The two big challenges are ramping up production and making sustainable aviation fuels cheaper. Currently, SAFs cost around 2 to 3 times as much as fossil jet fuels, the aviation industry notes in its Waypoint 2050 report (PDF). But the authors are optimistic that “costs will come down as supply and technology improves”.
Clean aviation: Alternative fuels are the most promising way to make flying greener, the airline industry group IATA says (PDF). But there’s a need to speed up production and reduce cost.
Lufthansa now offers status miles to customers willing to pay a bit more to minimize their carbon footprint. “And it works”, Foerster says. “You link the people who have the purchasing power with the [idea that] ‘green is sexy’, and you give them what they want for doing something that you believe is right.”
Another approach to achieving clean mobility is a mindset shift, Sandrine Dixson-Declève argues. Younger people often “are already living a greener life”, she pointed out at DLD Munich. “Many of them, for example, don’t even own a car. At least in Europe, we’re seeing a real shift in the fact that what they want is not a car, but mobility.”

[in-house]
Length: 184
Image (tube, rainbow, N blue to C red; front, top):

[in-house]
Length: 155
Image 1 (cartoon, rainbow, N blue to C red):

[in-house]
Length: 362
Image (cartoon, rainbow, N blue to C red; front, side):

Can the Sky Be Green? Watch the DLD Munich 2022 panel discussion with Felicitas von Peter, Sandrine Dixson-Declève and Christina Foerster.
A Car When You Need It
Car owners have the freedom to go wherever they want, whenever they want. But this freedom comes at a cost. And increasingly, thanks to car sharing and other mobility services, “people can have freedom – indeed, even more freedom – without having to buy their own vehicles, search for parking, and pay for fuel (and a list of other expenses)”, consultancy McKinsey points out.
A new concept comes from French startup Virtuo, which promises hassle-free car rentals via mobile app.
“People can either pick up their cars from a station or have their car delivered within two hours to their doorstep”, CEO and co-founder Karim Kaddoura explains. “It’s really car on demand, car ownership made different, car rental made different.”
While car sharing focuses on short, inner-city trips, Virtuo hopes to win over customers who need a car for longer – but not enough to buy a vehicle outright.
“You use a Virtuo from one day up to a couple of months”, Kaddoura says. A service team will clean and inspect the car, he emphasizes, but there are no rental stations, and the app takes care of all formalities involved in the booking.
Crossing the Border: Watch the DLD Munich 2022 panel discussion with Maurice Lévy, Karim Kaddoura and Romain Moulin about startups and innovation in Europe.
This promise of making car rental a seamless experience speaks to a new generation of customers used to streaming, food delivery and other on-demand services, Kaddoura believes.
“You shouldn’t have to possess a car on a 100 percent basis”, he says. “That’s unsustainable for the planet and inefficient from a financial perspective as well.”
The Virtuo CEO’s vision of mobility-on-demand is remarkably close to how some car makers themselves see the market evolving.